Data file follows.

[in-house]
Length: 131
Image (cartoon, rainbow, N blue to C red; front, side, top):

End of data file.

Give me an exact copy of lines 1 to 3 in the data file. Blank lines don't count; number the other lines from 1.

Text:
[in-house]
Length: 131
Image (cartoon, rainbow, N blue to C red; front, side, top):